It's the midst of barbecue season, and it's a perfect time to try one of the tens of thousands (yes,
A Short How-To Guide to Family Reunions
Some people live very close to their family (and some don't live far enough away!) so they are used to seeing them regularly and don't need to make special plans to get together. But it seems that while many families do live relatively close to each other, many are spread out among different states, and sometimes even different countries. There's nothing like a good family reunion to (re)connect yourself with generations of people who share common ancestors. But it takes a solid plan and good planners.
Give a Date ASAP
As anyone with a family knows, the more advance notice you have, the easier it is for you to make plans. You don't have to decide exactly what you are doing yet; "Save the Date" will be plenty.
Create a Planning Team
The last thing you want is dozens of people on an email chain. That's bad enough at work, much less for something that will hopefully be a lot of fun. Have one lead person from each of the nuclear families (or equivalents), the sorts that are known to be the "planners," as part of your committee. You can use skype or facebook messenger or zoom to have group video chats. Key roles include:
- lodging - where will everyone be staying?
- food - how will the food be cooked and served?
- entertainment - what will people be able to do during downtimes?
- mementos - will there be a t-shirt or some special takeaway from the event?
- finance - how will things be paid for and collected?
Decide on the Style
With different families, styles, and budgets, it's most important to decide, almost right away, what style of reunion you'll have:
- Home-based. This is usually the least expensive option, but requires that one of the family have a large enough home to accommodate many guests and/or a backyard for tents for the more outdoorsy-minded. It also means that family will have to take the brunt of the "impact" of having a lot of family over, so it will need to be the home of perhaps the most patient of the family members.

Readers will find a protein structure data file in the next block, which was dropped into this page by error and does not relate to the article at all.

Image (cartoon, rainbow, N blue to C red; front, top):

- Destination. This hits the "bucket list" nerve for many people. By picking a desirable place to go, be it someplace natural like the Grand Canyon or someplace historic like Charleston, family will be excited about where they are going as much as by getting to see some people they may have never met before.
- All-inclusive. This is the easiest option, as it shortcuts food and finance issues by presenting people with a fixed cost for everything, and food, entertainment, and accommodations are all sorted without too much argument.
Reunions don't happen very often, or sometimes ever, for many families, so make sure to invite everyone you can. You never know - perhaps that second cousin ends up being the life of the party, or you learn something touching and special about your family from someone during a chance conversation that could have never happened over facebook or email. Be welcoming.
This is like planning any kind of reunion, except it can be more stressful (or fun!) because of the family element. However many people come, it's almost always a special memory that will be cherished by all, and especially appreciated by those who simply got to show up because you shouldered the burden of planning and leading.
Have you planned or attended a family reunion before? What was the experience like? Share in the comments below to get 25% off Rascal Ponce's Eye Cream, one of our newest Rascal products, at your next visit to one of our clubs.
About Ben Davis
A serial entrepreneur, Ben Davis is founder of The Gents Place and a leading investor in gentlemen's refinement and confidence.
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